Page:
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Gilt Groupe's unit for local deals, Gilt City, has snagged another big distribution partner: Us Weekly, the celebrity weekly with paid circulation of nearly 2 million.
While Us follows a long list of publishers into the daily deals market, it's a significant addition to a sprawling effort to adopt and adapt pieces of Groupon's massive deals business. Slicing that pie up may yield, moreover, somewhat more manageable portions than Groupon is wrestling with. As Gilt City tries to stay true to its high-end fashion factions, for example, it's attempting to build a Groupon clone that 's entirely un-Groupon.
While major powers Groupon and LivingSocial offer oceans of deals in seemingly countless markets, Gilt's year-old service is trying to stand apart partly on the strength of partners' editorial filters. For Us Weekly, Gilt has built "Celeb Spots" for offers on the spas, restaurants and clubs that celebrities frequent in New York, Los Angeles and Miami. Us Weekly locates the hot spots, and Gilt cuts the deals with merchants.
"As opposed to offering every deal under the sun, we're curating a lifestyle," said Heather Freeland, chief marketing officer for Gilt City. "It is very different. Instead of a random assortment of offers, there is cohesion."
The Us Weekly partnership, where Gilt City handles merchants for a cut of the revenue, is just the latest distribution deal. Gilt City, along with other similar companies that pass offers through to websites or publications with established audiences, is also sourcing deals for Facebook's and New York magazine's deals services. It also has a consumer-facing deals brand, also called Gilt City, in six U.S. cities. However, that service only counts 1.6 million subscribers, which is why striking a deal with Us Weekly to get in front of its nearly 2 million paying print readers, more than 13 million overall print readers and yet more consumers on the web all comes in handy.
Groupon has expanded to 175 markets in North America and 43 countries around the world, according to the company's recent public filings. LivingSocial, too, has made recent acquisitions for larger global reach. Both services also offer a wide range of deals from dinners out to medical services. So they've had to throw bodies at finding new deals all the time.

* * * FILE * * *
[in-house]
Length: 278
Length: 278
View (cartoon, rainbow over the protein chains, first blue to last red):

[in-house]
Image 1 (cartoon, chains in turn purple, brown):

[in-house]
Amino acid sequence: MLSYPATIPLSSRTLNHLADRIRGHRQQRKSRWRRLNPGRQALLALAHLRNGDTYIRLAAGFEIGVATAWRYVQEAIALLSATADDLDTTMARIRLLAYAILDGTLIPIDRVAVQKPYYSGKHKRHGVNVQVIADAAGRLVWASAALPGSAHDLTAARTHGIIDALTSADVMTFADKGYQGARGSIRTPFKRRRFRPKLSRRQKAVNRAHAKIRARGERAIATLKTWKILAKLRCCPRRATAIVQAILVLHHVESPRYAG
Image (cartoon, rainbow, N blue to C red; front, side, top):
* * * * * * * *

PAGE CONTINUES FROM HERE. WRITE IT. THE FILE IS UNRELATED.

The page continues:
Niche players such as Gilt and Thrillist, however, are trying to show that massive global reach may not be the only way into the deals market, which BIA/Kelsey estimates will hit nearly $4 billion in the U.S. by 2015. The New York Times, too, has launched a deals site for up-market products and services for one market only.
The deals-behemoth model has appeared less attractive after Groupon filed for a $750 million public offering. The 3-year-old company has already begun to pay out its more than $1 billion in venture funding to Groupon execs and, despite its more than half-billion dollars in quarterly revenue, is operating at a loss thanks to high fixed costs like a string of global offices and 7,000 in headcount.
Like Groupon, Gilt Groupe designed an email-based e-commerce service in 2007 that shook up a then-stodgy category online, retail. Gilt's limited-time, steep-discount online sales for women's fashion have also been cloned in recent years, while the company has expanded to flash sales for men's clothing, food, travel and home goods. Gilt Groupe introduced Gilt City in beta last July and officially introduced it to six markets last September. Gilt Groupe recently raised $138 million in new funding from investors including Matrix Partners, General Atlantic and Softbank Group.
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